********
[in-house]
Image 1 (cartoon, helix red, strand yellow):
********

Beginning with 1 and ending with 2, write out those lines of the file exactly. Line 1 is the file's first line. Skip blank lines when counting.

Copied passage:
[in-house]
Image 1 (cartoon, helix red, strand yellow):